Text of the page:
Yan's Corner - In Touch

Monday, May 16, 2005

A superb teacher, preacher, wonderful story teller

Many years ago, I talked to Dr David Lowes Watson. In an interview with him, I have used these words –

Dr David Lowes Watson – A Wesley Scholar, superb teacher, preacher, devoted disciple and wonderful story teller …

When I was small, I was always fascinated by teachers who could tell stories. It’s Teachers’ Day today, join me to have a very pleasant walk this superb teacher and wonderful story teller … from jogging, driving, playing football, computer, small group program to cooking breakfast…

It’s all about Covenant Discipleship… Be amazed by how Dr Watson answered each of my questions by telling a story.

What is Covenant Discipleship?

Story No. 1 – Running

When I was studying in Oxford University, I resolved to keep physically fit, and decided to run each morning before breakfast. The first week I ran every morning. The second week I missed a couple mornings. The third week, I missed all but one morning. The fourth week I missed altogether. The following year I took a precautionary measure. I asked the person next door if he would like to go running with me. On the days I was late, my friend would bang on the door with a cheery word, “Time to be going!” We made it through the year, every morning.

Watson said, “Some things are done better by two people than by one …. Anything which is subject to human limitation or error requires the collegial presence of another person to ensure reliability.”

Covenant Discipleship is a way and a wish Christians be accountable to do what they can do. There are certain things which are difficult to do on your own, so you have to do with someone. It is where the members tell each other what kind of journey they have to take as disciples. They give an account of what has been to be a Christian over the week, thus helping each other in the Christian journey. They do this by means of a covenant which they themselves have written. By making this agreement they give some shape to the two great commandments of Jesus to love God and to love the neighbors.

Why is it important for the Church?

Story No. 2 – Driving

When you get into the car, you have to be flexible to traffic. However, there should be some form of structure and direction which each driver should follow. The law says you have to drive on the left side of the road, if you drive on the right side of the road, you will end up in accident. So, there is the structure and direction there to follow.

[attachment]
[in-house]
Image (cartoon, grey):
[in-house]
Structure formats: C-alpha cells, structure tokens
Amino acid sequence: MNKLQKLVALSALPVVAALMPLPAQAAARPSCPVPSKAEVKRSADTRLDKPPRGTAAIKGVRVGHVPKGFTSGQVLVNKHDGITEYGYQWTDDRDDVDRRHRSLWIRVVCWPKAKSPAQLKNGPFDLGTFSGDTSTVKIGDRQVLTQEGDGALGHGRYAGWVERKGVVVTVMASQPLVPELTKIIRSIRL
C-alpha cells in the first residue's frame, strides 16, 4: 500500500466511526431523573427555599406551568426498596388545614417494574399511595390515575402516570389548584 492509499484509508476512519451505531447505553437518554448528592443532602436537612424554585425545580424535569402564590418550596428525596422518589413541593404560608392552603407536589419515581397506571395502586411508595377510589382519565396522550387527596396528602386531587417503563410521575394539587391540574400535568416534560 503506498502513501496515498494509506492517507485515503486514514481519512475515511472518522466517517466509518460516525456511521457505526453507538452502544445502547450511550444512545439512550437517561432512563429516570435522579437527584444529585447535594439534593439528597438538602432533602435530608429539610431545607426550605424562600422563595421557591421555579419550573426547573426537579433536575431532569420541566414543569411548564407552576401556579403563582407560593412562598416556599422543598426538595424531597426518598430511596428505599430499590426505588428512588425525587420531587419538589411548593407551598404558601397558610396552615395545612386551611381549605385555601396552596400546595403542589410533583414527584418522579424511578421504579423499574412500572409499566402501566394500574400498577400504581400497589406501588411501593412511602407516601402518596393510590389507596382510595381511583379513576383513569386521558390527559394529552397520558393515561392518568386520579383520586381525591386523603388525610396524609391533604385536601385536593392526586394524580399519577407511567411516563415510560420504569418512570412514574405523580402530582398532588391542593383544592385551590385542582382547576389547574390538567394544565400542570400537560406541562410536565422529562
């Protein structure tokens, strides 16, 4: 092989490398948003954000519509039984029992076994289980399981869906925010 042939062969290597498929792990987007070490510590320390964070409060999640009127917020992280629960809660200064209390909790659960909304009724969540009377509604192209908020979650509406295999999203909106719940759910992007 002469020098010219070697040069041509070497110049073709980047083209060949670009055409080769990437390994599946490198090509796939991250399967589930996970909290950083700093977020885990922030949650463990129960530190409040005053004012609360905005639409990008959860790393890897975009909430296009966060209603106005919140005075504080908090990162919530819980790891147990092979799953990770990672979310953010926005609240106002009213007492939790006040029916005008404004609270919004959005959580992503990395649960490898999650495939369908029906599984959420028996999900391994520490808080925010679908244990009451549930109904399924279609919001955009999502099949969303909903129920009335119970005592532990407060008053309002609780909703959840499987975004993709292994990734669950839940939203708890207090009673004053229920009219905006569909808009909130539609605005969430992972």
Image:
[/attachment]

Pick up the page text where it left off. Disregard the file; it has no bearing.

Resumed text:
Dr Watson said: “Very often we do not give clear direction to the people on how to live Christian life, we allow them to make their own choices and to their own convenience.”

We talk about designers’ jeans, T-Shirts, shoes, dresses. We also start designer discipleship in that we design discipleship to suit ourselves, rather than to the teachings of Jesus. In Matthew 25, it is written that when you reach eternity, you will have to give an account of what you have done or not done. You would have to provide answers to When did you see a stranger and invite him in, when did you cloth the poor, when did you visit the sick and those in prison ….

Dr Watson said, “It does not matter what you believe rather it is what you have done.”

Thus in Covenant Discipleship, loving God is manifested through devotion and worship, while loving neighbor through compassion and justice.

Where does Covenant Discipleship fit in the church?

Story No. 3 – computer

Many years ago, when we first installed our computer system that consisted of 150 terminals, we have to call the consultant on every single problem. It became so frequent that the consultant made it a point that he could only be consulted on two conditions. No. 1, we have read the instruction book. No. 2, we have done what the instruction book tells us what to do and it does not work. At that time, the instruction book consisted of five volumes and nobody really bother to read.

It is like our relationship with Jesus. He has given us the teachings and instructions, if we have not read them, if we have not done what He has asked us to do, please do not call Him.

Dr Watson said, “Covenant Discipleship keeps us focused.”

Not many people are ready for Covenant Discipleship. It is not a program like a Disciple Bible Study which many are ready because it is study of the Bible.

Covenant Discipleship is a weekly check-out. In order that the ministries are centred in Jesus’ teachings, the leaders need to be checked every week.

If compassion, justice, devotion and worship are not kept in balance, disciples are not in obedience to Jesus. We live a life that suits our needs.

Dr Watson said, “We do what we think is right, instead of basing on the teachings of Jesus.”

Covenant Discipleship is on mutual accountability by checking on each other. How do we make sure that it would not get out of hand?

Story No. 4 – In the game

When you play in a football game, if you score, you would be pleased. But, if you are wise, you would not boast about it. Because, next time you may not score. Similarly if you lose in the game, you would not be blamed by others because they may lose next week

So, if you are actually paying in the game, you understand.

Dr Watson said, “Covenant Discipleship is not checking on each other, rather, it’s helping each other.”

Each group writes its own covenant, it’s not a kind of check-list. The covenant is written based on the Jesus’ teachings and the group tries to live up the teachings.

The objection that Covenant Discipleship is based on checking each other and thus may get out of hand usually comes from those who have not joined a group.